Consumers’ search for value is not just for the short-term, as it will lead to a major change in purchasing decisions in the future.[10] Many of those who switched to new brands or stores plan to continue using them.[8] [9]


The lockdown fuelled a surge in e-commerce with a major growth in online grocery shopping[1], which is likely to become a long-term behavioural change. Many consumers intend to continue shopping online even when brick-and-mortar stores reopen.[5] Consumers expect a seamless, multichannel (offline and online) shopping experience, or omnichannel with touchless shopping and contactless payments. For example, they can order on the phone or online through an e-commerce platform, social media, or brand app with options for drive-through, in store, curbside pickup, or home delivery.[6]

Ease of access and navigation, product availability, together with relevant and useful information are the key to winning over consumers online. Implementing e-commerce is an urgent priority. Small businesses need to consider which option will be best suited for their investment (read more about different options here).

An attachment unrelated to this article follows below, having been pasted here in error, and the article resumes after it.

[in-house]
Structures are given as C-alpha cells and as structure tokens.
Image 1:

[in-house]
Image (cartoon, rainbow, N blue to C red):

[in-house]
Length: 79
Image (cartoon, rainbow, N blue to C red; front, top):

Digitalisation goes beyond online shopping as consumers also change the way they engage with businesses. Almost half of consumers’ responses indicated that digital channels would become their main connection to brands.[5] Small businesses should divert their spending from traditional media to digital communication and promotion using two-way social media and messaging, as well as influencers.[6]

Health and wellness priority

The pandemic has made everyone prioritise their health and wellbeing. Whilst the Coronavirus has made people pay attention to their physical health, the lockdown has also put focus on people’s mental wellbeing.

Consumers have become more health oriented and are looking for ways to stay healthy and safe.They are seeking fresh and organic food, immunity building and nutritional supplements, exercise equipment, virtual classes,[6] [11] and hygienic packaging[9]. When going to a physical store, they would like to see visible signs of enhanced sanitisation and physical barriers.[9] Small businesses should promote their health and safety measures, making it clear that their customers’ and employees’ health and safety is a priority.

Homebody economy